Force majeure clauses and Covid-19

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Force majeure clauses and Covid-19

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A force majeure clause is a common clause found in contracts that allows one or more of the parties to suspend the performance of its obligations when certain circumstances beyond their control arise, making performance inadvisable, commercially impracticable, illegal, or impossible. In practice, most force majeure clauses do not excuse a party's non-performance entirely, but only suspend it for the duration of the force majeure event.  They may or may not be coupled with a right for the parties to terminate the contract should the event continue.


The circumstances when a force majeure clause can be relied on are typically extraordinary events such as war, strikes, acts of God (hurricane, flood, earthquake, volcanic eruption etc), terrorist attacks, building collapses or pandemics.

Given the Covid-19 pandemic currently sweeping the country we are very likely to see particular stress in sectors such as airlines, shipping, hotels and restaurants, exhibitions and conferences, cinemas and theatres, cruise lines, tour operators and travel agents, to name but a few.

 

If your business is involved in the supply chain within these or other sectors likely to be affected by Covid-19, you or another party to the contract may look to the force majeure clauses in the contract as a way to defer liabilities under the contract whilst the pandemic continues.

What to do if your business is likely to be affected by the pandemic

 

As a first step, if you consider that your business is likely to affected by the pandemic then you should consider whether you can safely engage in a conversation with your suppliers and customers to see whether any contract between you can be extended, paused or otherwise altered to better suit the situation.

 

In the event that strategy doesn’t work, isn’t possible, or presents an unacceptable commercial risk to your business, then you will need to look at the wording of your commercial contracts to see whether there is a force majeure clause and, if there is, how it works. Such clauses in time-critical and other sensitive contracts may be drafted to limit the shield of force majeure where a party does not take reasonable steps (or specific precautions) to prevent or limit the effects of the outside interference, either when they become likely or when they actually occur.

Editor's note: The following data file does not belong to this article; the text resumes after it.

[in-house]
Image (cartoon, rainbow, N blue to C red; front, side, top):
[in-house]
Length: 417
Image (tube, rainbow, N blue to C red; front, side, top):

As a starting point, you will want to assess whether the clause:

 

  1. extends to extraordinary events such as pandemics like Covid-19, either expressly or implicitly;
  2. excludes any event which was “foreseeable” at the time the contract was entered into (for example, if the contract was entered into last week when Covid-19 was already causing trouble, it’s likely that a pandemic was “foreseeable”); and/or
  3. permits a party to terminate the contract after a period of non-performance has continued for a certain amount of time (if it does then you should consider the implications for operational and financial planning).  

 

Suspending or terminating a contract has many consequences for the parties concerned and relying on a force majeure clause needs serious consideration. If, however, the clause is well drawn and the impact of the current pandemic is not excluded from the scope of the clause, then a party may be able to rely on it to defer (or even bring to an end) its contractual performance obligations.

 

If you have questions about how the current crisis may affect your relationships with your suppliers or customers, we’re here to help. Please get in contact Ian Lindley or Victoria Jessup.

 

View more information on the Covid-19 pandemic on PDT Solicitors Covid-19 Legal Hub 

The content of this webpage is for information only and is not intended to be construed as legal advice and should not be treated as a substitute for specific advice. PDT Solicitors LLP accepts no responsibility for the content of any third party website to which this webpage refers.

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